Category Archives: Road_Reports

Tag and Szymon rip round Reading Half Marathon

Rob McTaggart and Szymon Chojnacki in the Reading Half Marathon
Two Bournemouth AC speed merchants were in action at the Reading Half Marathon with Rob McTaggart and Szymon Chojnacki both hoping for quick times

With a highly competitive field ready to do battle over a fast and furious road route round the town, the Reading Half Marathon looked a decent prospect of a good time for any in-form athletes.

Two of Bournemouth AC‘s top tier talents were amongst the 6,000 plus runners looking to reach their potential and make their mark in the big showdown.

They were of course, none other than one the fastest half marathon runners in the club, Mr Rob McTaggart, and the effervescent new kid on the block, Szymon Chojnacki.

Both men had been showing signs of good form coming into the race, with Szymon stealing the show in the Run Bournemouth Supersonic 10k, racing to a 34:38 time to seal the victory.

Then the weekend after that he picked up another win in the 303 Squadron Memorial Run 5k in Feltham.

A blistering battle between Dom Willmore of Poole AC and Scott Cousins of Springfield Striders left Rob McTaggart with a lonely lollop round for 3rd place in the Run Bournemouth Half Marathon.

Dom and Scott ended up pushing each other to incredible times of 1:07:30 and 1:07:40 respectively leaving Tag trailing by some distance. Once he knew he’d have to settle for 3rd, he was able to take his foot of the gas and save his legs for the Great South Run the week after though.

Despite that, he still registered a very quick time of 1:11:49, demonstrating that he was very much in line for a fast time in the right set of circumstances. He was hoping the Reading Half Marathon would present him with the scope to do that.

The following weekend he ran a time of 53:44 in the Great South Run to take 32nd place. He didn’t really feel he had a good run on the day though and knew that with his current level of fitness, he should have been able to go faster.

The Reading Half Marathon route featured a grandstand finish at the Madejski Stadium – home to Reading Football Club – with the course taking in the University of the Reading, Prospect Park and Coley Recreation Ground. It also took the runners past Reading Train Station and Reading West.

The first mile was a very quick one, with Tag getting through it in just 5 minutes and 5 seconds. After that it was a slight incline for the second mile before hitting a steeper curve in the third mile.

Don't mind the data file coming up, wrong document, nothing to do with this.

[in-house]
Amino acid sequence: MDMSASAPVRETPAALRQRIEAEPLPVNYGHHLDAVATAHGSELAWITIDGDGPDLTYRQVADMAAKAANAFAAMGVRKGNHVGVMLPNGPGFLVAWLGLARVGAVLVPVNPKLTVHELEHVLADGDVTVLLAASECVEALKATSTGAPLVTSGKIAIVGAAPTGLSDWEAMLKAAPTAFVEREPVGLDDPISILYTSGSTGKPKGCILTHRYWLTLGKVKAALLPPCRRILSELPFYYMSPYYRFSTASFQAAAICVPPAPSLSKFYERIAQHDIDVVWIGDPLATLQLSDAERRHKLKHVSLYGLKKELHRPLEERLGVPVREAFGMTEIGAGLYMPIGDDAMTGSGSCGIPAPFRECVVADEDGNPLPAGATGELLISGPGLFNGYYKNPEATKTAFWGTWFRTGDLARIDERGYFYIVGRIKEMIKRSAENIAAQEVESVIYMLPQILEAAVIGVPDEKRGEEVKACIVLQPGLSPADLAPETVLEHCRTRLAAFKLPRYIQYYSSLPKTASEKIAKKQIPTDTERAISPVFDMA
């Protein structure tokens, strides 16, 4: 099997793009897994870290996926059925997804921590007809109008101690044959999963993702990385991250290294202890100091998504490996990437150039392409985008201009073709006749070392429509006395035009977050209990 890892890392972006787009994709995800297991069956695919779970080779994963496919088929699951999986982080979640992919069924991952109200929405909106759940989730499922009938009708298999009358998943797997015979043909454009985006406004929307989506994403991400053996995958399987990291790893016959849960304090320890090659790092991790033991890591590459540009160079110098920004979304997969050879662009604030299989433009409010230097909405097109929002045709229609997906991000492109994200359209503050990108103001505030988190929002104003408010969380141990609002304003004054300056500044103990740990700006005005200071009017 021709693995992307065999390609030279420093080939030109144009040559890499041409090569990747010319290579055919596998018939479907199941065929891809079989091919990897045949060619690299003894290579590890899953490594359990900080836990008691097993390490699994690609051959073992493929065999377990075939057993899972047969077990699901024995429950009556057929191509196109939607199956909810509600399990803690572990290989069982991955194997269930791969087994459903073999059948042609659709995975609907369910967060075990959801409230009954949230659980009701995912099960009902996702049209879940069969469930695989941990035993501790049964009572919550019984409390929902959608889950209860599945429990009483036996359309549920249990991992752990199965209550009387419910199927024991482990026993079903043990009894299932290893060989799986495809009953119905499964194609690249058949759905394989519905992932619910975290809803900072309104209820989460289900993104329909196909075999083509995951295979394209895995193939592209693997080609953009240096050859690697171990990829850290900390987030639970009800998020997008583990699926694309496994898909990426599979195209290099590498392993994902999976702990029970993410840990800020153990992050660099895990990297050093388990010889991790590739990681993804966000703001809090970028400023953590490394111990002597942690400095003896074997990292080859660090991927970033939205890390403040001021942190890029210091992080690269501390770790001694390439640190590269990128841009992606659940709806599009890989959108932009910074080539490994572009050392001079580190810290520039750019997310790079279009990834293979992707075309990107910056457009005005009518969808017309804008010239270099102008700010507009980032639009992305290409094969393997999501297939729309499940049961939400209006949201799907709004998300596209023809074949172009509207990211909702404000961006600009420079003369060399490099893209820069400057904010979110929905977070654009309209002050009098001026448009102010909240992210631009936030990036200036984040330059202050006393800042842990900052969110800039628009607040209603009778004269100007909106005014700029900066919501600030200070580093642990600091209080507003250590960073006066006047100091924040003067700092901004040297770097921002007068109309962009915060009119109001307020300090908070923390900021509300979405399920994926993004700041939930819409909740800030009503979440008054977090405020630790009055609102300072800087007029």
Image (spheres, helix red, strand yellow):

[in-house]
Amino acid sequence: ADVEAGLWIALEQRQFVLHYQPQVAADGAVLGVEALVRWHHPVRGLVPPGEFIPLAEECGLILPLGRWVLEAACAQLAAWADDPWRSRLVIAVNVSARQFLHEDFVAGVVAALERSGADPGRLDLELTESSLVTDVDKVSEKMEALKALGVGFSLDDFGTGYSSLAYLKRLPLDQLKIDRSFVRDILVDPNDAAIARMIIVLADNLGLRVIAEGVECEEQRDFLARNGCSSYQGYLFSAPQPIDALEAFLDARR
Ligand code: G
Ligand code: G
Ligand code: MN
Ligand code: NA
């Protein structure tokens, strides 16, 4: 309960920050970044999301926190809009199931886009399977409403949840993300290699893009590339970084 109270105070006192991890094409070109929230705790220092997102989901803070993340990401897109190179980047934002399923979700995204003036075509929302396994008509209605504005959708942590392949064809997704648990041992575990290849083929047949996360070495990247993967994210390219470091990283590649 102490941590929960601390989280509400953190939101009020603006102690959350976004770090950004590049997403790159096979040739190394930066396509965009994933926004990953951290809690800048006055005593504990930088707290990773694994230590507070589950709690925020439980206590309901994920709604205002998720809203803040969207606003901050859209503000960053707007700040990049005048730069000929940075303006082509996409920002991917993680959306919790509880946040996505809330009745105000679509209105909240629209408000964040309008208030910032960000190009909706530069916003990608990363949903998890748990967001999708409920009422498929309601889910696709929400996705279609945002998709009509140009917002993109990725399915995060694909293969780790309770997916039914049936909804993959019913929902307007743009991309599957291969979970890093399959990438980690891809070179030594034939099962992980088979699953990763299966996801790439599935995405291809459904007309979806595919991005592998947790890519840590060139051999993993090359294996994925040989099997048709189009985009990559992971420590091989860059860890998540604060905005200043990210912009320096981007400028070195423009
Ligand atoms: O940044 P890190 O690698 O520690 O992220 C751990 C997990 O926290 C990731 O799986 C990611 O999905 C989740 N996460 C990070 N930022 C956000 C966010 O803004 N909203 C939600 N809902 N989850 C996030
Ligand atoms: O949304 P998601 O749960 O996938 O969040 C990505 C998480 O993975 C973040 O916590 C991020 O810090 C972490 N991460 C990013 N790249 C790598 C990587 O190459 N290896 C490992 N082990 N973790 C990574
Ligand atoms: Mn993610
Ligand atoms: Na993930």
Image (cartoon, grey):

Rob McTaggart in action at the Reading Half Marathon -
Tag ended up running virtually the whole race on his own

Sometimes the way a race pans out can hinge on one split-second decision. Tag had been running with a group but when he hit the hill on the third mile, he elected to ease off a touch and let the group go ahead.

Aware that hills aren’t really his strong point, he didn’t want to risk putting himself into the red so early and having to suffer for the remainder of the race.

What happened though was that wasn’t able to catch the group back up afterwards and ended up in no man’s land again. Without anyone to push him on, Tag struggled to find the intensity and slipped off the pace he might otherwise have hoped to maintain.

He ran really well over the last few miles though and managed to reel in and overtake four other runners before getting to the line in a time in a mightily impressive time of 1:10:48.

Rob McTaggart in the Reading Half Marathon
Tag did very well to up the pace over the last few miles and gain some places

That put him in 28th place overall and although he would have liked to have gotten closer to his PB time of 1:08:29, it wasn’t really the right course for that.

It was a very good performance though, nonetheless and represented great progress from the form he was in over the summer when he was really struggling to find top gear.

Szymon opened with a ferociously fast first mile at 5:32 pace. He was then looking at a speed of around 5:45 to 5:50 for the next six miles, except for the third mile that had the steeper part of the incline.

Szymon Chojnacki in the Reading Half Marathon
Szymon (1001) made a very quick start and his intentions were clear from the outset

The ninth mile also had a bit of an incline so that was slightly slower but the rest of the remaining miles were done at around 6 minute mile pace which was still very strong from Szymon.

That culminated in a magnificent finishing time of 1:17:15 which put him in 89th place. Given the standard of the opposition he was up against, that was a pretty good result for Szymon.